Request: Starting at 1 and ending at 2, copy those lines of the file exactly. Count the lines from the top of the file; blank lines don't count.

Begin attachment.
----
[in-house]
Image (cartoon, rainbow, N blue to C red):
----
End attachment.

[in-house]
Image (cartoon, rainbow, N blue to C red):